Keep in mind that during the steam era there were far more wrot steel straight plate wheels (high stress) in service than the more modern curve plate wheels(low stress). Another thing is that all curve plate wheels do not have the same curve, this varies per manufacture.
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Also the Black Collar axles were more numerous compared to the more modern Raised Wheel Seat axles that are used today.
--- In STMFC@yahoogroups.com, "twinstarcars" <twinstarcars@...> wrote:
I looked for all sorts of wheels. "one wear" never crossed my mind!
--- In STMFC@yahoogroups.com, "soolinehistory" <destorzek@> wrote:
--- In STMFC@yahoogroups.com, "twinstarcars" <twinstarcars@> wrote:
Find a copy of the Kalmbach reprint of the 1940 Car Builder's Cyclopedia (via inter library loan if necessary)and you'll have all the information you need. Or, just check the Tichy scenery wheels in a lathe by the tread and machine the gussets off the back, then sand the lettering from the face.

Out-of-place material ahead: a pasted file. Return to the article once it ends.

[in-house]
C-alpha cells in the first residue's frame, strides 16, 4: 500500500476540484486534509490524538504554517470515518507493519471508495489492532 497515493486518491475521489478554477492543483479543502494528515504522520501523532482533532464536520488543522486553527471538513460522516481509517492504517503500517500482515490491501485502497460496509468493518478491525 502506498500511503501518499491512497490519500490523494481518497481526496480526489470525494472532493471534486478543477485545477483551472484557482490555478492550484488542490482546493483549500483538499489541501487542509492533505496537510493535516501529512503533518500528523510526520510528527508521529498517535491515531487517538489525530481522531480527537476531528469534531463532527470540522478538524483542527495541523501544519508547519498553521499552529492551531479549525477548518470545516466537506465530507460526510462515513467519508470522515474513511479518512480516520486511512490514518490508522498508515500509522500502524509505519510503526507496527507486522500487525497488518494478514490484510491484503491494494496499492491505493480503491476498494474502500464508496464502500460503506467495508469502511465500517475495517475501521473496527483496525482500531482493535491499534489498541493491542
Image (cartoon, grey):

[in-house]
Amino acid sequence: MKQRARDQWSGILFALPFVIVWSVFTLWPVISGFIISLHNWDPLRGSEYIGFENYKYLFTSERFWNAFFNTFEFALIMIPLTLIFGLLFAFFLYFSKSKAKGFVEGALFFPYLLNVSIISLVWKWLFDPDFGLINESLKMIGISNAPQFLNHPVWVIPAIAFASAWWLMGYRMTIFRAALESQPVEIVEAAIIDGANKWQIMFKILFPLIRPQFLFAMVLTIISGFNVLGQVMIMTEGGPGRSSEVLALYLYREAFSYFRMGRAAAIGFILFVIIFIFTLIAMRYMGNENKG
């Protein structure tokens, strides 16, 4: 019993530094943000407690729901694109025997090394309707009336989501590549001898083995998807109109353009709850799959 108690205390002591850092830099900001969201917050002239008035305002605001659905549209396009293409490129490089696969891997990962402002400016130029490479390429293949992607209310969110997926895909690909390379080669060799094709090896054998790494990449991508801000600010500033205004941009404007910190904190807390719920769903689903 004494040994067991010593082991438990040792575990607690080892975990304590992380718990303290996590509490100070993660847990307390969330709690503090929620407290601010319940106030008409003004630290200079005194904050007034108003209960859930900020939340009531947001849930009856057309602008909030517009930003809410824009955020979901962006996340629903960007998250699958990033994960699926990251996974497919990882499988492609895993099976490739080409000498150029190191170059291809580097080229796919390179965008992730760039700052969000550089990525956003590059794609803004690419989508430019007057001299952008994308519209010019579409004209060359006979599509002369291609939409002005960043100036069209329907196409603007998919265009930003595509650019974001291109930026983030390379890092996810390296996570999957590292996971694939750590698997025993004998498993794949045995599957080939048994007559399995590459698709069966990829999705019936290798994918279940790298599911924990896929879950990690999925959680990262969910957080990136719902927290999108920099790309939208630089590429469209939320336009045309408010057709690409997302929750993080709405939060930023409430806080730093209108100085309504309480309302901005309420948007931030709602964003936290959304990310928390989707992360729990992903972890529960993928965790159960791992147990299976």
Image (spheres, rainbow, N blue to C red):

I want to machine scale wheels to use as a master to make a mold to make a load. I am making the Adapto wheel car that Rock Island converted from the Adapto flats used in the late '50s. It is amazing how much data is available about the wheel tread but none on the web or hub. Also the axle is a mystery.
However, thank you for the suggestions.
Or, Google "one wear wheels". This link was the first to come up, and has a sectional view of a modern rolled steel wheel: